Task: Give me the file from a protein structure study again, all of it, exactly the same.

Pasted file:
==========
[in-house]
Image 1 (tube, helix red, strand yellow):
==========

[in-house]
Image 1 (tube, helix red, strand yellow):